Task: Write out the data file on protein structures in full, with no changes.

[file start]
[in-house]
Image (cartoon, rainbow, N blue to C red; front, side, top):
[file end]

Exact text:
[in-house]
Image (cartoon, rainbow, N blue to C red; front, side, top):